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Bonita & Estero Magazine

Scuba Diving in the Gulf


Scuba divers, take a look at Florida’s west coast

The Florida Keys is a scuba destination that every Sunshine State resident and visitor seems to know about, yet the Sarasota “Cultural Coast” and Lee Island Coast areas of the Gulf of Mexico actually offer more than twice the amount of real estate underwater. However, these stretches aren’t top of mind for dive enthusiasts.

Some of Florida’s west coast operators find that surprising. “It’s a body of water—I don’t know why anybody wouldn’t know there is diving here,” says Troy Sorensen, instructor with Dive Florida based in Bradenton.

“Well, it’s about half and half,” says Ian Kaye, divemaster with Scuba Quest in Sarasota. “Half the people think our diving will be just like the Florida Keys, and the other half think that there is nothing.”

The truth is somewhere in between those two assumptions.

“We definitely have fish, but we don’t have the soft corals of the Keys,” adds Kaye. So many fish, in fact, that the largest spearfishing tournament in the world is held in St. Petersburg. The nonstop bounty includes snapper, grouper and other big species. “The schools of fish out here are massive,” he explains.


Fish aside, the topography may not be entirely what a Florida diver might expect. The bottom is mostly sand. If it’s not sand, it’s limestone ledge. But the appeal of the Gulf is what sits on top of the sand and ledges.

Says Sorensen, “I have more than 4,000 numbers in my GPS for dive sites.” Those numbers include wrecks, bridge pieces, statues, ledges and a variety of manmade artificial reefs.     The area’s most popular sites for recreational divers include the following: the USS Mohawk, a 165-foot cutter 28 miles off Captiva Island; the 80-foot-deep USCG Blackthorn off St. Petersburg; and the new Circle of Heroes underwater dive memorial, honoring fallen soldiers.

With a long list of sites—which Pinellas County has posted online—there’s no debating that there are underwater structures to see. But the biggest variable that limits diving in the Gulf is visibility. “Visibility can be really good, or it can be really bad—and there is no average when it comes to what to expect here,” says Kevin Sweeney, owner of SCUBAdventures Naples, of the water clarity off Florida’s west coast.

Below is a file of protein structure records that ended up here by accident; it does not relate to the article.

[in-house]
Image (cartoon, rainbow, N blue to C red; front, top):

The biggest factor determining what divers will get underwater is the runoff from Lake Okeechobee, emptying into the Fort Myers area via the Caloosahatchee River. Because of this, areas south of Fort Myers are subject to more unpredictable water quality, but north of this area tends to be noticeably better.

During the summer of 2019, Steve Jones, owner of Florida West Scuba & Charters, says visibility was 30 feet on most days that he was underwater with guests who chose Venice for shark teeth dives. Venice is famous for regularly yielding up fossilized shark teeth and other finds dating back to the Pleistocene Epoch some 11,700 years ago.

The teeth serve as tangible evidence of what Jones, Sorensen, Kaye and most everyone else who has been diving in the Gulf already know: This area may not serve up perfect water visibility, but it still offers divers loads to see.


USS Mohawk

Easily the most well-known wreck in the Gulf, the 165-foot-long cutter was purpose-sunk 28 miles west of Captiva Island’s Red Fish Pass and now sits upright with its bow facing east. It has become a gathering site for goliath grouper and big schools of snapper, grunts and other warm-water fish.


Mexican Pride

The Mexican Pride, a 200-foot bulk cargo ship, fell into disrepair in 1970, and soon enjoyed its next life as an artificial reef after being towed 35 miles offshore to a resting place in 130 feet of water. The ship is now broken in half, offering an exposed view of the midsection serving as habitat. In and around the ship, divers can expect to see goliath grouper and schools of amberjack and cobia.


USCG Blackthorn

The Blackthorn suffered a collision in 1980 before being towed to a spot 80 feet deep and sunk as an artificial reef. Today, the wreck is broken into two sections and covered in marine growth: feather duster worms, wire corals, sponges, encrusting corals and other pops of color. On occasion, spotted eagle rays can be found cruising around the wreck.


The Sheridan

Sunk 20 miles off Indian Rocks Beach in St. Petersburg, this 180-foot tugboat sits upright and intact. The vessel is often considered one of the best wreck dives in the Tampa and Clearwater areas—thanks to the healthy populations of Spanish mackerel, amberjack, crevalle jack, snapper and sometimes even a passing shark.


Brooke Morton is a freelance writer specializing in the outdoors. She’s also the founder of Sober Outside, a travel company for teetotaling adventure-lovers.